because I must make something beautiful
from the pain in the world...

• fear and anxiety

...though I am all too well acquainted with the darkness
I will not be seduced by its power
nor deceived into passivity by its weakness
because I am also well acquainted with the Light...

• loss and depression

...what I wouldn't give for a rainy day
why can't the sky reflect the gloominess inside?
the light streams through broken blinds
piercing the darkness in my soul
and making me bleed tears...

• love and devotion
I shuddered when he said the word
I used to know love
back when I knew pain...

• purpose and identity

...who is the real me?

are they lies
the pictures people see
a masquerade?
or could it be
that I'm the one who can't see
past the facade?...

• joy and beauty

usual, mundane
strolling, wandering, exercising
just a normal walk?

did I write that?

These months of compiling and editing poetry that I wrote years ago have been interesting. Going back to that time when I wasn't who I am today is disconcerting at times and laughable at others. It's like meeting up with an old friend I hardly know anymore.

Maybe that's part of why I've been dragging my feet a bit when it comes to actually releasing this book. Maybe I'm afraid you'll think I'm still the girl I was when I wrote these lines that were lifelines holding my life together. Maybe I don't know how to tell you I was once the author of these poems, but I'm no longer the same person who wrote them.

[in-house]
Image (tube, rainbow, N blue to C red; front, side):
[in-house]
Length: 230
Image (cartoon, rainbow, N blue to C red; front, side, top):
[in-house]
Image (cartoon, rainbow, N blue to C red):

Once upon a time I wrote these poems because I needed them. I don't need them in the same way anymore. Today I prepare to publish these poems not because I need them, but because maybe you do. Certain people have already read a few and already begged for more. These friends have become better friends because of these words I once wrote.

And so I cannot regret those words I once wrote. I choose not to regret even the sloppy phrases dripping with hurt that never became full poems because they helped to shape the words that did make it into this anthology. I choose not to regret the pain that drove me to my pen and my keyboard because now I have something beautiful to share.

Perhaps my only regret is that I haven't shared them sooner.